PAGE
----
…however, I am struggling to think of what to say. I think throughout the month, I’ve covered a wide range of topics, both personal to me and to the autistic community. So, I don’t have a slew of information on any particular subject to talk about. I just want to say thank you to those that have been reading my posts, and I hope you will continue to advocate for us and yourselves beyond April.

Have a fantastic May everyone!

It's Gonna Be May, Justin Timberlake

[[Image description: Justin Timberlake, circa his days of N*SYNC and ramen noodle looking hair, captioned “It’s gonna be May”]]

Autism Acceptance Month: Day 29

April 29: Why is acceptance important? What does it mean to you?

Acceptance goes beyond “awareness.” It means acknowledging that we exist, are not a disease or a bad thing, and that we don’t need to be cured. To accept autism is to accept one as they are, instead of trying to change them. It also goes beyond empty words, in my opinion. You can claim you accept something, but still not show that in your actions. Autism acceptance is allowing us to exist as ourselves, giving us a space in the world, and listening to us. Self-acceptance is also just as important. It’s hard to accept yourself when society doesn’t, but we need to be gentler on ourselves, forgive ourselves, and be ourselves.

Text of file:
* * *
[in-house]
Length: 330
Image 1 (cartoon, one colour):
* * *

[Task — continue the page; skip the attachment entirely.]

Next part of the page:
Autism Acceptance Month: Day 28

April 28: Are you LGBT? Discuss the intersection between both identities.

I am. I typically just call myself gay. It gets complicated as we learn more about gender and it becomes more of a spectrum. I’m not attracted to hyper masculinity, or men (cis or trans). I am attracted to women and nonbinary folk. It especially gets complicated and muddled when I’m not 100% certain on my gender identity. It’s kind of… nonbinary demi-girl?

I made a blog recently about the term “autigender.” But basically, to TLDR it, autigender is the relationship between autistic people and gender. It’s not a gender, like how trans or cis is not a gender- it’s a relation TO gender.

I think being on a spectrum allows us to see life more as a spectrum. That and not really believing in a lot of social rules like gender roles, I think it allows us to see gender and sexuality in a spectrum rather than rigid terms that society sees.

Autism Acceptance Month: Day 27

April 27: Do you have any vocal stims or echolalia? Can you give any examples?